In 2014, Human Rights Watch investigated the impact of poor water and sanitation in schools, visiting a number of schools in the Central Plateau of Haiti to assess water and sanitation conditions of educational facilities. These schools, including recently constructed ones, lacked adequate water and sanitation facilities. None of the schools Human Rights Watch visited complied with the government’s guidelines for the promotion of hygiene in schools. Teachers, students, and government officials all told us that the situation was dire and has a negative impact on students’ education. These schools Human Rights Watch visited are not anomalous in Haiti.

Although the Haitian government’s guidelines call for the promotion of hygiene in schools, safe, clean latrines and water for drinking and hand washing are extremely scarce in Haitian schools. Most students and teachers have nowhere to relieve themselves, wash their hands with soap, obtain clean water, or, for women and girls, maintain menstruation hygiene. Where facilities do exist, they may not be sufficient in number, may not function, or may not be clean or safe. Nearly 60 percent of schools lack toilets and more than three-fourths of schools lack water access.

Girls suffer additional harms from the lack of access to water, sanitation, and hygiene at home or at school, including absenteeism for collecting water or due to lack of adequate menstrual hygiene management. Human Rights Watch spoke with girls in Haiti who leave school to go home to wash and change the materials they use to manage their menstruation, because they cannot do that at school—leaving some to miss as much as 30 minutes of instruction every time they need to change their materials. Some teachers told Human Rights Watch that girls sometimes stay at home during menstruation because they have no option to manage their hygiene at school. Girls in Haiti need access to clean water and sanitation facilities, as well as hygiene education and materials, to ensure their consistent attendance in school.[8]

In your review of Haiti in February 2016, Human Rights Watch encourages the Committee to ask the State party questions about the following issues, and recommend that the State party take steps to address them:

  • What steps is Haiti taking to pass comprehensive legislation to address gaps in legal protection related to violence against women? In particular, how will Haiti’s new Parliament prioritize legislation protecting the rights of women and girls?
  • What steps is Haiti taking to address the lack of access to safe and legal abortion for women and girls, including for those who are victims of sexual violence?
  • How does Haiti propose to address the continuing challenge of lack of water and sanitation in schools, markets, health centers, and other public facilities?
  • How will Haiti ensure women’s participation in the planning and execution of national policies and plans related to violence against women and to household water and sanitation?
  • What steps is Haiti taking to promote collaboration across ministries to ensure that the rights to water and to sanitation are promoted and fulfilled, including by ensuring that:
    • Sanitation facilities are safe and guarantee privacy;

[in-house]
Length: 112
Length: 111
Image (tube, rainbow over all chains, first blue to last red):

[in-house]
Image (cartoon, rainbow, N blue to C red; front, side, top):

• Women and girls have materials, information, and access to spaces that guarantee their privacy to manage their menstruation with dignity;
    • National policies and plans related to safe drinking water take into consideration the safety and unpaid work of women and girls and seek to reduce their burden; and
    • Any plans to remedy the harms associated with the cholera epidemic address the burdens experienced by caregivers, most of whom are women.
  • What plans does the Ministry of Education have to make mandatory its guidelines related to water and sanitation in schools, including addressing menstruation hygiene management?

We hope you will find these comments relevant to your examination of the Haitian government’s compliance with the Convention, and would welcome an opportunity to discuss them further with you.

 

[1] Human Rights Watch, Nobody Remembers Us: Failure to Protect Women’s and Girls’ Right to Health and Security in Post-Earthquake Haiti, August 2011, https://www.hrw.org/reports/2011/08/19/nobody-remembers-us. Letter from Human Rights Watch to Vice President Jorge Familiar on the Haiti Water and Sanitation Conference, October 8, 2014, https://www.hrw.org/news/2014/10/08/letter-vice-president-jorge-familiar-haiti-water-and-sanitation-conference.

[2] Executive Decree 60, August 11, 2005, http://www.cepal.org/oig/doc/LeyesViolencia/HTI/2005_HTI_D2005.pdf (accessed January 19, 2016).

[3] Le Nouvelliste, Un avant-projet de loi pour sévir contre les violences faites aux femmes, July 30, 2015, http://lenouvelliste.com/lenouvelliste/article/148002/Un-avant-projet-de-loi-pour-sevir-contre-les-violences-faites-aux-femmes (accessed January 19, 2016).

[4] Le Nouvelliste, Que dit l’avant-projet de revision du code penal?, March 26, 2015, http://lenouvelliste.com/lenouvelliste/article/142981/Que-dit-lavant-projet-de-revision-du-code-penal (accessed January 19, 2015).

[5] See, Written Statement of Amanda Klasing, Women’s Rights Researcher, to the Tom Lantos Human Rights Committee of the United States Congress, Hearing on “Aid Delivery in Haiti: Development Needs, Capacity Building and Challenges,” December 3, 2014, https://www.hrw.org/news/2014/12/03/written-statement-amanda-klasing-womens-rights-researcher-tom-lantos-human-rights.

[6] Human Rights Watch, Nobody Remembers Us.

[7] Human Rights Watch interviews with cholera victims, August 2012, on file with Human Rights Watch.

[8] Letter from Human Rights Watch to Vice President Jorge Familiar on the Haiti Water and Sanitation Conference.